The Islamic Human Rights Commission has accused the BBC of targeting Muslims during the coronavirus pandemic.
In a letter of complaint by IHRC chair Massoud Shadjareh to BBC Director General Tony Hall, the IHRC said the broadcaster had used the pandemic to spread negative imagery about Muslims to create negative perceptions about the community.
The IHRC is now asking Muslims to contact the BBC with their own concerns about how racist and Islamophobic stereotypes are finding their way into news coverage.
The letter to the BBC from Shadjareh says:
“I am writing to register in the strongest possible terms my shock at your organisation’s targeting of the Muslim community in your coverage of the coronavirus pandemic.
“From the outset of the crisis you have used the pandemic to spread negative imagery about Muslims in what appears to be a calculated attempt to create negative perceptions about the community in your audience.
“For example, I have lost count of the number of times that you have displayed photographs of Muslims alongside worrying stories about the spread of the pandemic even though the subject matter relates to all religious and ethnic groups.
“This repeated singling out of Muslims to illustrate COVID-19 creates an association between the two in the minds of readers and viewers, strengthening existing stereotypes of Muslims as being a “fifth column” or outside the mainstream.
“Your reporting of how the pandemic is affecting Muslim communities also leaves much to be desired. The BBC has wasted no opportunity to amplify localised outbreaks in Muslim communities while underplaying the role played by wider society in the spread of COVID-19.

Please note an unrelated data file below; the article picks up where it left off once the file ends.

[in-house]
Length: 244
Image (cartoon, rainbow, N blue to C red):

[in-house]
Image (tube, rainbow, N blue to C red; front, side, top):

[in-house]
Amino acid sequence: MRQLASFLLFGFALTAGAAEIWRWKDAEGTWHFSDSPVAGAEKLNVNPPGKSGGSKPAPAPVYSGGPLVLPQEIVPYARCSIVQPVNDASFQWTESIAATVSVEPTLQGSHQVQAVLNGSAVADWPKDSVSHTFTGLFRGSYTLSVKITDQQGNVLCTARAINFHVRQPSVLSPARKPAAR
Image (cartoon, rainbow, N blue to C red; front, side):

“A recent case in point is the coverage of mourners lining the streets of Ashington to pay their respects to the late Jack Charlton. Another is the VE Day celebrations which were widely reported without any reference to the risks that they posed to those taking part and indeed the wider public.
“In advance of the Muslim festival of Eid al-Adha on 31 July your network dutifully reported the government advice for Muslim families to observe social distancing (effectively not to celebrate with their extended families) without questioning its sense or justice in the light of the wider permissibility of congregating in pubs or restaurants.
“Your remit as a public service broadcaster is to represent all communities fairly and equally. However your treatment of the Muslim community, particularly during this pandemic, has fallen very short. Instead of challenging racism and Islamophobia you are perpetuating the stereotypes and negative associations on which it thrives.”
5Pillars has contacted the BBC for a reply but has not received one as yet.
If you would like to contact the BBC with your own concerns you may do so here.